Are parking prices at the airport a rip-off?Posted: August 23, 2011
The new draft report by the Productivity Commission on Economic Regulation of Airport Services has sparked outrage among readers of The Age for its finding that parking fees at Tullamarine are “not a ripoff”. Last time I looked there were 110 comments on The Age Online, virtually every one of them dripping with vitriol.
Whether you’re happy with its conclusions or not, the thing about the Commission is that, relative to The Age’s readers, it’s put a lot of effort into this review, its assembled facts and figures, it’s made its assumptions transparent and its set down its line of reasoning. So far as I can see, none of that is true of the angry and furious readers who commented on The Age’s story.
The Commission examined lots more than parking but I’ve only had a chance to look at the chapter dealing with landside transport. It starts by acknowledging airports have the potential to raise parking prices above competitive levels and to control access to the airport by modes that compete with airport parking. It also notes the ACCC expressed concern the operator of Melbourne Airport seems to restrict entry by off-airport parking operators and private bus operators.
The Commission examined three sources of evidence for the possible existence of monopoly practices i.e. the ability of an airport to use its market power to restrict competition.
It looked first at whether there are effective substitutes for on-airport parking. The availability of alternative means of travel puts a ‘natural’ cap on what airport operators can charge. Hence all forms of transport must be taken into account. For example, at Melbourne Airport, travellers can use a private car (pick up and drop off; on-airport or off-airport parking), catch a taxi, take Skybus from the CBD, or use the 901 orbital SmartBus (which connects the Airport with Broadmeadows rail station) at standard Metlink fares (there are some other private bus operators too).
Off-airport parking is a particularly important substitute for those who drive. As the exhibit shows, this has a much larger role at Melbourne than at other airports. There are 14 private parking operators near the airport, providing 10,000 parking spaces in total. This is half the total number available on-airport. (The Airport operator is also examining a proposal for a new parking area where ‘meeters and greeters’ can wait until summoned by phone by the passenger they’re collecting).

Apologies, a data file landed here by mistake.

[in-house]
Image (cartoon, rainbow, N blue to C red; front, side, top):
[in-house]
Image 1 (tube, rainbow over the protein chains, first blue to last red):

The second issue the Commission addressed is the reasonableness of parking prices, noting that they are made up of a number of components. The obvious one is the cost of building and operating parking facilities (surface parking costs $2,000 per bay, multi-level parking stations $20,000 per bay). The total number needed is determined by peak demand (a few days at Christmas), meaning for most of the time some bays aren’t earning revenue.
Other components are the need to use price as a means of rationing demand (e.g. keeping long-term parkers out of scarcer and more valuable short-term spaces) and, finally, there’s the opportunity cost of the land used for parking – its value in an alternative use. The Commission cites a study of Sydney Airport’s international car park which found the parking charges were lower than the land could earn if developed commercially.
The third piece of evidence is more straightforward. Much as I did in this post 18 months ago, the Commission examined the claim that parking comprises a much larger proportion of Melbourne Airport’s total revenue than it does at other airports. This is taken by some as incontrovertible evidence that Melbourne Airport is engaging in monopolistic pricing.
Melbourne Airport has a lot of parking spaces (20,029). This is double the number of the next largest airport in terms of parking (Perth), so it’s not surprising it earns a lot more revenue from this source than other airports. However, Melbourne earns an average of $12.70 per bay, per day. This is the same as Adelaide ($12.20) but considerably lower than Brisbane ($16.60) and Sydney ($21.50). The importance of parking in Melbourne Airport’s revenue stream is also larger because it has the lowest aeronautical charges per passenger of any of the five airports examined.
So the Commission concludes there’s no evidence of monopolistic pricing of parking. Why then do motorists get so upset? Other than those who park in the CBD during office hours and pay out of their own pocket, most drivers aren’t used to paying directly for parking – in many cases parking is heavily subsidised by taxpayers (e.g. on-street parking) or the real cost is concealed in the cost of goods and services (e.g. malls). Parking at Melbourne Airport is operated as a business, like commercial parking stations in the CBD.
I wonder how valid is it to benchmark costs against other airports which themselves are effective monopolists. I also wonder how significant the notion of opportunity cost is in the case of Melbourne Airport. But probably the greater concern is the Commission’s findings on the access fees taxis and bus operators have to pay to the airport. It concludes that “at face value, the fees do not appear excessive” but cautions that “information about terms and conditions of access is less transparent”. For example, Skybus pays for premium access at the terminal but the Commission was unable to determine how much.
The thing that strikes me above all else about the whole issue of landside access is that drop-offs and pick-ups account for a whopping 35% of trips at Melbourne Airport, contributing enormously to the high level of congestion at the terminal. Yet they pay nothing.
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